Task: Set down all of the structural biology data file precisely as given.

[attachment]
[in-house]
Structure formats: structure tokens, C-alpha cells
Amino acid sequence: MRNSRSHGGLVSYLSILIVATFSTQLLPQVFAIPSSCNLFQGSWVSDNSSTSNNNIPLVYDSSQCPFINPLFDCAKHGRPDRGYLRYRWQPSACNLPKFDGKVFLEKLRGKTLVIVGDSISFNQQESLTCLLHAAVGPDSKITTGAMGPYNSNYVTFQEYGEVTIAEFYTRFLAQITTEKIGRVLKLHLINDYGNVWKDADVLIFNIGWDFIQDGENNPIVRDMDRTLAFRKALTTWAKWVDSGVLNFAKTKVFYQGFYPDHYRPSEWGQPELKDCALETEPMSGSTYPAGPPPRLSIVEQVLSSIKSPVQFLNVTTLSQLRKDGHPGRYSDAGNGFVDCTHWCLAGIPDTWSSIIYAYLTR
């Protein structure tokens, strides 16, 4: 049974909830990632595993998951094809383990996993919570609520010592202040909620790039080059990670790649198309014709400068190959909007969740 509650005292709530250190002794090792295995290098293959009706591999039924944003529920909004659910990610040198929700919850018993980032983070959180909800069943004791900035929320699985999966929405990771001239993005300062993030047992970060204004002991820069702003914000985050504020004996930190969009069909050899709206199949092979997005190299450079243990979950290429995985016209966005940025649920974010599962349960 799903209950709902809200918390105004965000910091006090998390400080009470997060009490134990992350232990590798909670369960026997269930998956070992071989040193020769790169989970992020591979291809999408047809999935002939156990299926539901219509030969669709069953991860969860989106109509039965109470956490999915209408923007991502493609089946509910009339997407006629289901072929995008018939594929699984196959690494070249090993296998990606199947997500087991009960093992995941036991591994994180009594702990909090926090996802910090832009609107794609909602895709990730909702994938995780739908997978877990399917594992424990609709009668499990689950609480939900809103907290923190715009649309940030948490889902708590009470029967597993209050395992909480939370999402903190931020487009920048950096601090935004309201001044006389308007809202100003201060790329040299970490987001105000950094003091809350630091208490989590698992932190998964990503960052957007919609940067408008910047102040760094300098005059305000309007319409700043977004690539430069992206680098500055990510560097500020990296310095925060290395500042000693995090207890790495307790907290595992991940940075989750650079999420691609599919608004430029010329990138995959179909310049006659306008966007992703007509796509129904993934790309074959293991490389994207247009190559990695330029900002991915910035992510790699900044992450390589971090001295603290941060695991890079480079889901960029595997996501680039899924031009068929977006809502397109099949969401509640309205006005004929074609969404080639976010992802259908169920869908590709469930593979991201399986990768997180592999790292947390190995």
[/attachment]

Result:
[in-house]
Structure formats: structure tokens, C-alpha cells
Amino acid sequence: MRNSRSHGGLVSYLSILIVATFSTQLLPQVFAIPSSCNLFQGSWVSDNSSTSNNNIPLVYDSSQCPFINPLFDCAKHGRPDRGYLRYRWQPSACNLPKFDGKVFLEKLRGKTLVIVGDSISFNQQESLTCLLHAAVGPDSKITTGAMGPYNSNYVTFQEYGEVTIAEFYTRFLAQITTEKIGRVLKLHLINDYGNVWKDADVLIFNIGWDFIQDGENNPIVRDMDRTLAFRKALTTWAKWVDSGVLNFAKTKVFYQGFYPDHYRPSEWGQPELKDCALETEPMSGSTYPAGPPPRLSIVEQVLSSIKSPVQFLNVTTLSQLRKDGHPGRYSDAGNGFVDCTHWCLAGIPDTWSSIIYAYLTR
């Protein structure tokens, strides 16, 4: 049974909830990632595993998951094809383990996993919570609520010592202040909620790039080059990670790649198309014709400068190959909007969740 509650005292709530250190002794090792295995290098293959009706591999039924944003529920909004659910990610040198929700919850018993980032983070959180909800069943004791900035929320699985999966929405990771001239993005300062993030047992970060204004002991820069702003914000985050504020004996930190969009069909050899709206199949092979997005190299450079243990979950290429995985016209966005940025649920974010599962349960 799903209950709902809200918390105004965000910091006090998390400080009470997060009490134990992350232990590798909670369960026997269930998956070992071989040193020769790169989970992020591979291809999408047809999935002939156990299926539901219509030969669709069953991860969860989106109509039965109470956490999915209408923007991502493609089946509910009339997407006629289901072929995008018939594929699984196959690494070249090993296998990606199947997500087991009960093992995941036991591994994180009594702990909090926090996802910090832009609107794609909602895709990730909702994938995780739908997978877990399917594992424990609709009668499990689950609480939900809103907290923190715009649309940030948490889902708590009470029967597993209050395992909480939370999402903190931020487009920048950096601090935004309201001044006389308007809202100003201060790329040299970490987001105000950094003091809350630091208490989590698992932190998964990503960052957007919609940067408008910047102040760094300098005059305000309007319409700043977004690539430069992206680098500055990510560097500020990296310095925060290395500042000693995090207890790495307790907290595992991940940075989750650079999420691609599919608004430029010329990138995959179909310049006659306008966007992703007509796509129904993934790309074959293991490389994207247009190559990695330029900002991915910035992510790699900044992450390589971090001295603290941060695991890079480079889901960029595997996501680039899924031009068929977006809502397109099949969401509640309205006005004929074609969404080639976010992802259908169920869908590709469930593979991201399986990768997180592999790292947390190995």